Kate Rose


"Do you know how to use it?" he asks me.
     "I just like to eat it. Haven't had any in quite a while. Are you the beekeeper?"
     He nods. It also looks like he hasn't sold any in quite a while.
     It's a mystery to me why during the day's sunny prime, 12:00 to 3:00, all the vendors in the large concrete market hall are slumped over their sacks and tables, only to wake again and turn on the lights when the winter has dropped even more degrees. The only light is coming in through tiles missing in the roof. There is no heat. Along the edge are small shops built into the walls, where families make a living rolling up dumplings, stitching long underwear and puffy pyjamas, or grinding beans into soy-milk.
     Hesitantly, he hands over the rectangle box of golden honeycomb. The outside is a bit sticky, and there is no clear way to open it, so that for a moment I think it might just be a decoration (I've seen worse), or an educational exhibit about bees. I have, however, checked carefully that no larva were in it. That's because of the last time I bought honeycomb in China—a whole rack of it.
     I was cycling from nowhere to nowhere, places no one travels and now I know why—spending a whole summer like that, seeing no one but the people tending plants along the endless, deserted roads, dotted with buildings unfinished, pulling my 3-year-old son in a trailer behind.
     Life: Do you know how to use it?
     A whole rack of honeycomb, the wooden frame and all, from a beekeeper by the side of the road.
     Delighted, I sat down under some trees and started pulling out chunks of it with my bare hands, shoveling them into my mouth, chewing vigorously, spitting onto the ground.
     It wasn't till maybe the fifth bite that I started to seriously notice the crunching.
     Then I saw that all the globs I spit were black.
     Upon closer inspection—the blindness of my delight at this find wearing off—each alveole had a bee fetus, almost fully formed.
     I'm a vegetarian.
     Back in the market, I wander around. Some sellers have pulled old blankets over their pumpkins and leaks, their sesame paste and goji berries, as if their produce could take a cozy nap as they dozed beside it in broken lawn-chairs or played games on their phones in hopes of winning small sums of cash someday.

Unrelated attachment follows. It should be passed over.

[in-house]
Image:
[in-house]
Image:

As always, the zipper man is in his corner beside a hand-crancked sewing machine on a spindly tripod. Shoes, handbags, zippers: he'll fix it. Doesn't matter what the problem is, he'll fix it cheap. His hands are large, two of the nails grown long for tools. He has some blue chalk that he first rubs over the zipper, as if offering a prayer to the zipper gods. If you've lost a zipper, he'll find you one from a rusty old tin of his, and if your zipper lost teeth, he somehow arranges the balance of things so it doesn't matter so much.
     If you try to pay him more, because he just saved the life of a $200 coat for 20 cents and you'd feel happier giving him 40, he will try to give it back, but if you really insist he'll thank you and shove it into the dark recesses of his pockets.
     I have nothing for him to fix today. Everything stays in working order, now that I've noticed the zipper man.
     But now I am disturbed.
     Do I know how to use it? Use it?
     There is something I am missing.
     I rush home on my bike to open it. It takes me over 5 minutes to find the point of severance and cut through the tape, placed there as if never meant to be cut, as if the honeycomb box were a sacred object.
     All the while, I tell myself how foolish it is to waste money. Isn't eating honeycomb just like eating honey, in a more expensive way? You spit out the costly part. Maybe I could make candles, I try to reassure myself, but part of me knows I never will. At best, the chewed-up globs of wax will sit on a plate in the kitchen for a few weeks, then it will finally get knocked over. At worst, I will set off the smoke alarm and wreak some of my utensils, while getting an unwelcome pounding at my door.
     But when I finally do taste the honeycomb, it is worth it.
     The feel of it in my mouth, the way it oozes out, the taste and texture of the wax itself, thrills me and sends me back to my grandfather's garage.
     I'll never forgive what he did, though I know why he did it.
     He was a monster, and I have many memories of him looming over my childhood. Not to mention the memories I recovered as an adult, during therapy, the ones I cannot talk about with anyone but a trained professional, for fear of scaring you away.
     That is the strange part about people who grew up in a horror movie. The sunny scenes of it, without which the contrast of dungeons would have no weight.
     The sunny scenes we want to cling to, as if to forget even a moment that the rest even happened. The childhood we would have wanted, tessellated together out of pieces of the sun that shown even though.
     In there, in the center of it, my grandfather kept bees. Every summer his garage breathed with the scent of beeswax cut with a hot knife. The honey streamed out all summer, into basins and jars, and there was always honeycomb to eat from the dark woodsy honey.
     Normal honey never tastes like that, not even when I buy it from beekeepers. Maybe they do something to make it hygienic. This wasn't hygienic, but it tasted like a summer day in the woods, a summer day I could take into myself and keep there to become a part of my cells. A feast.
     This is how I use it.





I'd just like the world to know that there really are little hunch-backed men on the streets of Xuzhou, China, and they are absolute geniuses. Put anything in their gnarled, leathery hands, they will fix it! Against this age of medical eugenics, I want to say wow—the Goddess works in wondrous ways. Let's stop aborting disabled fetuses and instead look at how they increase the range of human possibility and help fix broken perceptions of it.